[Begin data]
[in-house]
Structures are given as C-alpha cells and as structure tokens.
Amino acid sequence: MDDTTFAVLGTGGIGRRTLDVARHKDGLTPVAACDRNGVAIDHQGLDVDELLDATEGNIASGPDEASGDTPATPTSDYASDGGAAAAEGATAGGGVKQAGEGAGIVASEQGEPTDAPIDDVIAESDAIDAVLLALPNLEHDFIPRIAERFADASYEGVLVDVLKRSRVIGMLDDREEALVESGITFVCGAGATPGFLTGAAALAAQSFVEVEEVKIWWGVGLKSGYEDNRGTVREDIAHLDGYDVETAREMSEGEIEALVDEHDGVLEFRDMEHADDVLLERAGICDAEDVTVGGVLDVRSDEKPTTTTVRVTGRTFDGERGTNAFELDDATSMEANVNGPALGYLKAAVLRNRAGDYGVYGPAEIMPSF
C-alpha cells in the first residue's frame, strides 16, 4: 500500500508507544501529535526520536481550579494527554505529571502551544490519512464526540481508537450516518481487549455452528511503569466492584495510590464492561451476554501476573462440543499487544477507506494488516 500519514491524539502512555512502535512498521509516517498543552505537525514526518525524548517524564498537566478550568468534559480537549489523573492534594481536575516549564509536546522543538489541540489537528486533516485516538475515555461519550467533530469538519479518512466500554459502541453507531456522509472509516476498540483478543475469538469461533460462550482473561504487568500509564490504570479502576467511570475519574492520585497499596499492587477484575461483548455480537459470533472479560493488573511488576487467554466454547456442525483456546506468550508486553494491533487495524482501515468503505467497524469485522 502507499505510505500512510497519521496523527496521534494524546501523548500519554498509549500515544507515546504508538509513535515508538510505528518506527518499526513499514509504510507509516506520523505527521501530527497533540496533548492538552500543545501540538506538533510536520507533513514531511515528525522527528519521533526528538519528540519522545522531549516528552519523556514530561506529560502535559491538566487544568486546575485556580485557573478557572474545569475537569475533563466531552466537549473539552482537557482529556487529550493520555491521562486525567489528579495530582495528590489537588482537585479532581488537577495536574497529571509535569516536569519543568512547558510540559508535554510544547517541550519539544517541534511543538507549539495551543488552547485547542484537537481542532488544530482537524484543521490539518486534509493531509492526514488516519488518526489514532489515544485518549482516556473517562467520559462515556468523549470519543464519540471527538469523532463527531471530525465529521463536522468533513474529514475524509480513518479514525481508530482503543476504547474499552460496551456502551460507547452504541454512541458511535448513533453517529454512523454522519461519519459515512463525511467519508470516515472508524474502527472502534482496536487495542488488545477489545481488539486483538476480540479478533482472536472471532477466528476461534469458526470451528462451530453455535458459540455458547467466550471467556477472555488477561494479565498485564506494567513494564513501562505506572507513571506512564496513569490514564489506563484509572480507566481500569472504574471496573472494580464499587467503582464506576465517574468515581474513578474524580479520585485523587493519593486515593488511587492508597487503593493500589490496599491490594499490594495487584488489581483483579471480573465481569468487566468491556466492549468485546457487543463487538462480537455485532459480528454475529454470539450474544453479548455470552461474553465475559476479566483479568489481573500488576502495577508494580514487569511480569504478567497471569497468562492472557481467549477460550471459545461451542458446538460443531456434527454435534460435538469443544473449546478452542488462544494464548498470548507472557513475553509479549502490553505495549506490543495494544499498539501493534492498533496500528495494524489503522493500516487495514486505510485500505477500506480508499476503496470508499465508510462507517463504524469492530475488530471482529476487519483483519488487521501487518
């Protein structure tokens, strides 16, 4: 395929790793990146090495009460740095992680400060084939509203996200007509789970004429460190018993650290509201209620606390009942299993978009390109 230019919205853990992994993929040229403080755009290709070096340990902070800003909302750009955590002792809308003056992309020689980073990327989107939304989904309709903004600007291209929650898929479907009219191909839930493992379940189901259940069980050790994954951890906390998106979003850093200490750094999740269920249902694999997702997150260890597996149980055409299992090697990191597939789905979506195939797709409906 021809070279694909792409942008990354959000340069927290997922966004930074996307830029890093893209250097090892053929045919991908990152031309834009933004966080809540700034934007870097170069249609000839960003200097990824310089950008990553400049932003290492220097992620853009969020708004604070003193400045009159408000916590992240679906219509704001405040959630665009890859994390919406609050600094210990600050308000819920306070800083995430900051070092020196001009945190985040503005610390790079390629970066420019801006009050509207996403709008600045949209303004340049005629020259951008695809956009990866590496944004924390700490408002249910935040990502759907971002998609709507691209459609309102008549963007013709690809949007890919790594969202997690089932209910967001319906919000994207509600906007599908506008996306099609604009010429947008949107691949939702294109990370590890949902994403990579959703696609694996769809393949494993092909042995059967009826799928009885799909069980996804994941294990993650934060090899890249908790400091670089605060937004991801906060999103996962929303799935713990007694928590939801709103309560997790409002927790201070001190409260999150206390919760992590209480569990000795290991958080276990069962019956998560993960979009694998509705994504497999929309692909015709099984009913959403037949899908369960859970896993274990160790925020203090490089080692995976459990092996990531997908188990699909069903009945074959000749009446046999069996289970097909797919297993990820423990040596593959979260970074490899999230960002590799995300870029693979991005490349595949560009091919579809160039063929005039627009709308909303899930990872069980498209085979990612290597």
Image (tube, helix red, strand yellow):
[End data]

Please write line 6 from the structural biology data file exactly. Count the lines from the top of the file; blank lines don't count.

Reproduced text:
Image (tube, helix red, strand yellow):